Hebridean Connections (HC), which is a community managed, online historical resource was formed due to the driving force of a single member of a CE who saw the benefit of digitising and connecting the different historical catalogues . The idea was proposed to the different CE and four groups were actively involved in a Heritage Lottery Fund (HLF) bid that funded the creation of the HC website. The project website was launched in 2006, holding some 100,000 records relating to the genealogy, history, archaeology, and cultural traditions of the Outer Hebrides. Currently, the system allows users to search using keywords, selecting relevant images, or with a map-based interface. Additionally, the website encourages contributions from its users and, therefore, has the potential to foster reciprocal knowledge exchange across geographical boundaries.
HC is one example of a community-built digital cultural heritage repository where their long-term future is unclear. Many issues with the current system have arisen since the initial grant, particularly surrounding funding and scalability. There is a real practical question about how a project of this kind can be maintained over time with the resources available to a small-dispersed community, especially as the initial system was developed by a private development company, using proprietary software. As the project developed, this situation raised the problem that any changes to the system required more financial investment in the software. For the small community heritage groups involved, this was not feasible, especially as the CE became aware of what was possible through digitisation and wanted to expand. The process of digitisation has created three primary issues for HC:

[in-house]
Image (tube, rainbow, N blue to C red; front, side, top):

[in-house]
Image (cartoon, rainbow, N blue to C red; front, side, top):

How to expand the project remit without additional funding for developers?
Scalability issues, how can more CE collections be integrated in a closed system
Can empowering communities to control their own digital heritage improve long-term sustainability?
2.2 An Archive for the Future?
Motivated by the limitations of the current HC system, the CURIOS project’s aim is to produce a sustainable system that allows a community of users to manage a digital archive of cultural heritage data, or ‘cultural repository’, releasing them from any specific proprietary software platform. To achieve this goal, CURIOS has made use of existing open source content management system (CMS) software and Semantic Web standards. The emergence of the Semantic Web  has led to several standard formats for representing and interchanging data [7, 8]. By making use of linked data, cultural repositories would have the potential for reuse and integration with further related data sources.